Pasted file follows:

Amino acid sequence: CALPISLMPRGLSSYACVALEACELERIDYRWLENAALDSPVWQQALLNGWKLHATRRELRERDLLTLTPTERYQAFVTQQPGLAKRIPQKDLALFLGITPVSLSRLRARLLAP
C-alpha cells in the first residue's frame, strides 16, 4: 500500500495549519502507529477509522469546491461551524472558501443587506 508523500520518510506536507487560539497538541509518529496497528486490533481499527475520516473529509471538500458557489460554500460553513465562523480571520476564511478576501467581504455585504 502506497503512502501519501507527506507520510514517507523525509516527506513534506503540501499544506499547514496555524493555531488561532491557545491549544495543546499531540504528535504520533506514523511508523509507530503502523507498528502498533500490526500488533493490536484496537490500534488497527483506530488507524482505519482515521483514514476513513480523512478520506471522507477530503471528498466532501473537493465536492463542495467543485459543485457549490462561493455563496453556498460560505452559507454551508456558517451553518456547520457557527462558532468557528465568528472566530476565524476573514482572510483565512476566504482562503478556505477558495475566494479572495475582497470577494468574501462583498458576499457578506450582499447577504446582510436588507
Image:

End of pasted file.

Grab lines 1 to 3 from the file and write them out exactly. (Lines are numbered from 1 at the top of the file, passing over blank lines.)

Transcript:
Amino acid sequence: CALPISLMPRGLSSYACVALEACELERIDYRWLENAALDSPVWQQALLNGWKLHATRRELRERDLLTLTPTERYQAFVTQQPGLAKRIPQKDLALFLGITPVSLSRLRARLLAP
C-alpha cells in the first residue's frame, strides 16, 4: 500500500495549519502507529477509522469546491461551524472558501443587506 508523500520518510506536507487560539497538541509518529496497528486490533481499527475520516473529509471538500458557489460554500460553513465562523480571520476564511478576501467581504455585504 502506497503512502501519501507527506507520510514517507523525509516527506513534506503540501499544506499547514496555524493555531488561532491557545491549544495543546499531540504528535504520533506514523511508523509507530503502523507498528502498533500490526500488533493490536484496537490500534488497527483506530488507524482505519482515521483514514476513513480523512478520506471522507477530503471528498466532501473537493465536492463542495467543485459543485457549490462561493455563496453556498460560505452559507454551508456558517451553518456547520457557527462558532468557528465568528472566530476565524476573514482572510483565512476566504482562503478556505477558495475566494479572495475582497470577494468574501462583498458576499457578506450582499447577504446582510436588507
Image: